Innovation as a Lifestyle

Unless you’re in a startup that’s hoping to get acquired by a larger firm, innovation can’t be a one-hit-wonder. Yet, despite its importance, innovation over the long term is hard to maintain.

There have only been 8 companies that have appeared on the list every year. Here’s a look at the companies that have consistently made the cut since 2005:

These companies are serial innovators, and have managed to create innovation systems to perpetually foster creativity and agility. It’s an intentional, laborious process—but when done right, the payoff can be huge.

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Markets

Visualizing the Rise of Women on Boards of Directors Worldwide

The representation of women on boards of directors a mixed bag. This graphic looks at the 10-year trend of women on corporate boards.

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The Rise of Women on Boards of Directors Worldwide

Women’s representation in the boardroom is a mixed bag. The number of women on boards is rising across the globe—but the rate of increase has slowed for three of the past four years.

Based on MSCI research of All Country World Index (ACWI) constituent companies, the graphic above reveals a 10-year trend of women’s representation on corporate boards, and projects three future scenarios on the way to parity.

ESG Goals: The Path to Parity

The ESG ecosystem considers 30% representation to be a critical milestone on the road to reaching gender parity on corporate boards of directors.

Following a small uptick in 2019—and two years of slowed growth from 2017 to 2018—the rise of women on boards slowed again in 2020, gaining 0.6 percentage points (p.p.).

Based on different forward-looking scenarios, here’s how long it could take to reach equal representation:

 Progressive scenarioBusiness-as-usual scenarioDeceleration scenario
Years to reach 30%
Women on Boards (WoB)
6 years9 years16 years
Year we may reach >50% WoB203920452070

Source: MSCI ESG Research LLC as of Oct. 30, 2020.

On the whole, parity on corporate boards could be reached as early as 2039 or as late as 2070.

Women’s Representation: State of the Unions

MSCI research reveals trends that highlight significant traction. In 2020, fewer women became directors, but all-male boards continued to decline worldwide to 17% in 2020 (a 2 p.p. drop) among the ACWI contingent.

This trend is partially driven by emerging markets, where all-male boards dropped to 31%, from over 34% initially. Hong Kong is one of the few countries that actually experienced an increase of 5 p.p. in all-male boards. In contrast, Saudi Arabia’s share reduced by 8 p.p. to 86% in 2020.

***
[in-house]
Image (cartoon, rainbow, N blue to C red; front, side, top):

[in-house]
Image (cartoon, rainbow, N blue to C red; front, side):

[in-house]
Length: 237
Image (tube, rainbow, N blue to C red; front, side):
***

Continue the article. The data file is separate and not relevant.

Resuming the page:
Country% Companies with 3+ WoBCountry% Companies with no WoB
🇳🇴 Norway100%🇶🇦 Qatar100%
🇮🇹 Italy100%🇸🇦 Saudi Arabia86%
🇧🇪 Belgium100%🇦🇷 Argentina67%
🇵🇹 Portugal100%🇭🇺 Hungary67%
🇫🇷 France100%🇰🇷 South Korea65%
🇸🇪 Sweden91%🇦🇪 UAE63%
🇫🇮 Finland91%🇨🇱 Chile44%
🇪🇸 Spain90%🇲🇽 Mexico38%
🇬🇧 UK85%🇭🇰 Hong Kong37%
🇦🇹 Austria83%🇮🇩 Indonesia36%

Source: MSCI ESG Research LLC as of Oct. 30, 2020.

Europe continues to lead the world in gender representation on boards. All top 10 countries with three or more women directors are found in the region, with countries like Norway, Italy, and Belgium being the closest to reaching parity.

Across sectors, utilities experienced the largest increase in companies with three or more women on boards, with a 9% jump between 2019-2020.

The Other Glass Ceiling: The C-Suite

The number of women CEOs remains low across all regions, but CFO roles show more promise.

 MSCI World, 2017MSCI World, 2020MSCI EM, 2017MSCI EM, 2020
Women in CEO roles4.7%4.9%3.3%4.8%
Women in CFO roles9.4%12.1%9.8%18.7%

Source: MSCI ESG Research LLC as of Oct. 30, 2020.

This global rise is also largely thanks to emerging markets. Since 2017, emerging market companies have exhibited higher percentages of CFOs than companies in developed markets, and the difference is widening.

The Glass Ceiling Isn’t Unbreakable

As MSCI reports, the progress towards parity in boardrooms does not necessarily represent the workplace. Emerging research suggests that women have been more negatively impacted by the pandemic’s economic fallout—potentially undoing several years’ worth of improvements.

However, developing nations still show promising results in key indicators of gender diversity, with further opportunity to grow corporate bottom lines.

As more post-pandemic recovery data becomes available amidst vaccine rollouts, we’ll gain a better sense of whether we’re still on track to follow these long-term trends.

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Technology

Which Streaming Service Has the Most Subscriptions?

From Netflix and Disney+ to Spotify and Apple Music, we rank the streaming services with the most monthly paid subscriptions.

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Streaming Service Subscriptions 2020 - Share

Which Streaming Service Has The Most Subscriptions?